Several St. Louis mayoral candidates scrambled Monday after they discovered tens of thousands of donations from corporations and unions are barred under the new campaign finance law that Missouri voters approved in November.
Many of Amendment 2’s key provisions, including campaign donation limits, apply only to statewide and legislative candidates. But the ban on donations from corporations and unions affects candidates across the board, according to an opinion issued late last week by the Missouri Ethics Commission.
The mayoral primary is in about three weeks, which means the candidates have to scrutinize their donations at a time when they would otherwise be spending the money on advertising.
St. Louis Alderman Lyda Krewson campaign is trying to replace corporate donations with personal contributions from executives, which are not restricted.
Krewson spokesman Ed Rhode said about $30,000 appears to have been affected. That’s only a small portion of the roughly $700,000 that she has raised.
Less than $1,000 of donations to City Treasurer Tishaura Jones are affected, consultant Richard Callow said.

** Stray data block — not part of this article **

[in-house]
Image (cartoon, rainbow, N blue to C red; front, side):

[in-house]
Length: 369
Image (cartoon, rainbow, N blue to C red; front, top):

"I am certain that no local campaign in Missouri has any idea how the law or the advisory opinion applies to them or their donors,” Callow said. “It looks like our campaign will have to return at least two $250 contributions received since Dec. 8, but before the advisory opinion was issued."
Other mayoral campaigns could not be reached Monday afternoon, but their campaign reports indicated that several have collected corporate donations.
Attorney Chuck Hatfield is representing some companies who are challenging some of Amendment 2’s provisions. He said the Ethics Commission’s opinion only affects donations from businesses that pay their taxes as corporations, but that many companies use other IRS provisions, so their campaign donations would not be affected.
St. Louis County Executive Steve Stenger, a Democrat, reported last week that he had received $40,000 dollars from B & C Southwest Properties, LLC. Hatfield said that donation is likely legal, since LLCs usually file their taxes as partnerships, not corporations.
The latest controversy is among several surrounding Amendment 2, parts of which are being challenged in state court.
Ethics Commission executive director James Klahr agrees with Hatfield's interpretation of how the agency will treat LLC donations. But to ease candidates' concerns, Klahr said Tuesday, the commission won't require campaigns to return any such donations received before Friday's opinion.
Klahr also noted that there's a clear way for corporations and unions to get around the donation ban: Form political action committees, which can give directly to candidates. PACs aren't affected by Amendment 2.
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